Thursday, October 15, 2015

Book Review - The Art of Language Invention


The Art of Language Invention: From Horse-Lords to Dark Elves, the Words Behind World-Building

By: David J. Peterson
Illustrated By: Colin Webber
Publisher: Penguin Books
Publication Date: September 2015
ISBN: 978-0-14-312646-1
Reviewed By: Kristi Benedict
Review Date: October 16, 2015

We lose count each day of how many times we speak, write down, and even think about our words but the language we use had to be developed. Why do we say things in a certain way or in a certain tone? What exactly is a word and what gives it meaning? These are all questions language developer David J. Peterson asks himself as he creates the languages for some of TV’s most popular shows and movies that include Thor: The Dark World and his most recent and ongoing project the language of Dothraki in the HBO series Game of Thrones. With pressure coming from the producers of the show and the expectation of the fans, Peterson is constantly developing his language creations to make them genuine and true to the characters.

In The Art of Language Invention, Peterson goes through the steps to inventing a language and bringing it to life. As he does, he shows that there is so much more to a language than simply just the words. Peterson explains that the tone, interpretation, the harshness or softness in which a word is spoken can be just as important as the word itself when developing a language. Slowly over time, the pronunciation changes or even particular words take on a different meaning as the current generation finds a new way to use it. For example, the word “sick” in today’s society can mean something that is cool or fun, when in the past it only defined when someone did not physically feel well. This ongoing subtle change in every language over time is what makes developing a new language so challenging because the task of the language creator is to make each word sound as if it’s been used for years.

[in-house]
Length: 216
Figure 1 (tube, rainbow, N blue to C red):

There were many aspects of language that Peterson brought to life in this book that I would have never thought of before and there were parts in this book that were interesting to read. However, I was disappointed that there were not more examples of how the languages were developed in some of the famous works over the years. When I picked up this book I initially thought that it would take me through the languages of books such as J.R.R. Tolkien’s Lord of the Rings or the many alien languages heard in the Star Wars series, because of course I am a complete book nerd and anything I can learn about my favorite sci-fi/fantasy stories is wonderful. Even though Peterson does give the reader a small glimpse into some of these famous languages I found that this book was much more about the nuts and bolts of developing a language. There were some interesting parts but for me I found myself becoming bored with the writing, just for the simple fact it was not what I expected. For anyone who is serious about coming up with their own language it would be extremely valuable but as a fun read this book fell short for me.

Quill says: An informative book for language enthusiasts but nothing too exciting for those simply interested in learning more about the many languages developed for their favorite sci-fi/fantasy books/movies.